Vinicius Cantuária Celebrates Jobim and Opens the NM Jazz Fest

digipak 4pVinicius Cantuária, Vinicius canta Antonio Carlos Jobim (Sunnyside Records)
A Review

The New Mexico Jazz Festival gets up and
running this week with a “new trend”—or as it is more familiarly known, bossa nova—in the person of guitarist, composer, percussionist, and vocalist Vinicius Cantuária. Cantuária, who moved from his native Brazil to New York City in the ’90s, made a name for himself in the neo–Brazilian music world and in NYC’s Downtown scene, itself noted for new trends. On this recording, Cantuária hews close to the classic style, with subtle jazz shadings, and makes Jobim the star of the show.

Several accomplices join in the celebration in duo and trio settings, most notably guitarists Bill Frisell, Celso Fonseca, Chico Pinheiro, and Ricardo Silveira; cellist Ayumi Hashimoto; and pianist Ryuichi Sakamoto. Frisell, who appears on two tracks, sounds unmistakably North American but somehow manages to blend into this deeply Brazilian sound. He has a magical way of making others sound more like themselves while always sounding like himself.

The album opens with “Lígia,” a paean to a mysterious woman. The mood is late-night languid reverie, and the music requires that you relax into it. It wants to deepen your pulse and warm your blood. Graceful melody, delivered in Cantuária’s warm, intimate, almost confidential
baritone, glides over subtly syncopated rhythm. It’s the Jobim signature: a long, suave melody riding a gentle, heart-quickening rhythm.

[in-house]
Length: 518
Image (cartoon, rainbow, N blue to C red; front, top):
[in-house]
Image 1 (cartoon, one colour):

The album sustains this mood through most of the 13 tracks, though there are several upbeat, light-on-their-feet numbers, including “Só danço samba,” “Garota de Ipanema” (certainly one of the world’s best-known tunes), and “Felicidade,” with Cantuária solo on vocal, guitar, and
percussion—one of the album’s highlights.

The happy reverie of “Felicidade” is followed by the deep melancholy of “Insensatez,” another highlight, which reflects on the end of a love affair and features vocalist Melody Gardot.

“Este seu olhar” delivers a lesson in subtle rhythmic engineering, with Cantuária’s guitar gently insisting on forward motion while Hashimoto’s cello rhapsodizes over a lover’s glance (at least that’s what I make of the Portuguese lyrics). The dark “Retrato em branco e preto” releases the suppressed emotion of a lover descending into addictive heartbreak.

Perhaps the real subject of Jobim’s tunes is memory itself. Every track seems imbued with it, and Cantuária’s delivery has the character of sharing secrets from the past. The lyrics and the music conspire to draw us into fascinating reminiscences—regrets, celebrations, loves lost and found, and of course, forever unsatisfied longings.

Vinicius Cantuária
Friday, July 10, 8:00 p.m.
Weil Hall at the Outpost Performance Space
210 Yale SE, Albuquerque
Tickets $30 general/$25 members and students
For tickets or more information, go here, or call 505-268-0044.

© 2015 Mel Minter. All rights reserved.

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